Neither! They’re kaput! On April 1st, 2019, they shut down.
The rest of this post discusses them when they were still active but at the moment they’re shut down.
Join 6 million members who have made money taking easy and quick surveys on Survey Junkie. They pay in cash instantly via PayPal and they have an A rating from the Better Business Bureau.
Click to Join today for free and start making money immediately.
Now that CashCrate is gone, what are some of the best CashCrate alternatives?
The two I think are worth checking out first are Survey Junkie and Swagbucks.
- Survey Junkie is only surveys. They’re short surveys, long surveys, you get a few dollars to start after the profile questions and can cash out as soon as you hit $20. It’s one of my favorites because it’s just surveys and a lot of them. You could spend all day doing surveys if you wanted to.
- Swagbucks is another popular survey company that even gives you $5 to start. Swagbucks is just a better version of your typical rewards program and you can earn points through surveys, surfing the web, watching videos, and more. We have a Swagbucks review too.
- Another interesting idea, if you don’t mind letting a company use your internet connection for research, is HoneyGain Read our HoneyGain review for more information.
One of these will get you back on the earning track!
Here’s the original review (though now in past tense):
There are a lot of market research, offer-fulfilling, game-playing, rewards programs. We list dozens of them on our massive list of sites to make extra money.
One site you won’t see on that list was CashCrate.
Curious why? Is CashCrate a scam?
CashCrate was a legitimate reward program. It was NOT a scam. (but it is no longer in business)
But when it comes to earning points and redeeming them for rewards, it appears to be much harder on CashCrate than many of their contemporaries. You have to jump through quite a few hoops and for that reason I think your time was better spent elsewhere.
Whereas a lot of other sites rely on a mixture of surveys, offers, and other point earning ways, CashCrate was fueled mostly by fulfilling offers. One of the risks of signing up to offers was that some folks have trouble getting out of those offers (which was not CashCrate’s fault).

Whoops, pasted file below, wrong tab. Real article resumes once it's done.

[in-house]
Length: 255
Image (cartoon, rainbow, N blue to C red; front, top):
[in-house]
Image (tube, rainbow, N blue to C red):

We’ll dive deeper into this once we discuss CashCrate itself:
Who is CashCrate?
CashCrate has been around since 2006 and has over 2 million members. Despite being around for so long, there isn’t a tremendous amount of information about the company on the internet (other than what’s on the CashCrate site).
CashCrate, LLC was not BBB accredited and has a C rating, which was one of the lowest I’ve seen for a company like this. Many of the best market research companies have A or A+ ratings.
They seem to operate a lot like many other reward companies – get paid to try offers, answer surveys, shop online via cashback portals, referring your friends, and “interacting” – which means watching videos, playing games, and other contest-like activities. You have to be at least 13 years old and what you see in the offers will depend on your demographics, so the United States and English speaking countries tend to get the most offers.
You can request a payout after you hit $20 and you get $1 to start (it’s free to join).
About Those Hard to Cancel Offers
When a rewards program has a lot of market research surveys, polls, and other non-offer ways to earn points – you can accumulate a payout without having to get your credit card. All of the reward programs have similar offer related bonuses – thousands of points if you sign up for Service X.
What’s tricky about those offer related bonuses was that sometimes the company they’ve partnered with has an overly complicated cancellation policy or process. Or you forget to cancel during the trial. Either way, you end up paying for a service you never wanted and it erases the bonuses. Sometimes you can claw back the payment, by disputing it or escalating with customer service, but it’s a huge hassle.
This was not an inherent flaw created by CashCrate, it’s just a function of the setup.
Other CashCrate Reviews
I’m not alone in thinking this way.
Bob, a fellow personal finance blogger and personal friend, gave CashCrate a try and came away with a bad taste. He discovered that there weren’t too many ways to earn a payout except by taking offers. You pick the ones that you want to do, you complete the action (listed under description), and then you wait until CashCrate puts the money into your account.
The offers themselves have a ton of hoops to jump through sometimes. He would put in a junk email address. Sometimes he would sign up for a service and despite canceling, the cancelation didn’t take. So then he had to call in to get the charge reversed… all precious time he didn’t want to be spending on this.
As you can see, Bob does not recommend them.
Susan over at The Penny Hoarder had a similar experience. She shared her first (and only) hour using CashCrate and how it wasn’t all that great either. It was “less than enthralling.”
It’s not all bad news though – my friend Chris, who runs Survey Chris, had a positive experience with CashCrate with some caveats. His review was very detailed and he talks about how many of the offers required you to pay something. You earned more in rewards than what you paid but you had to cancel before the second bill, or you lost money. He shared his experience getting $12 from CashCrate to try Gamefly, which was $5.99 a month.
I would skip it.
It seems to be more hassle than it’s worth and with so many other similar sites… you’re better off doing those instead.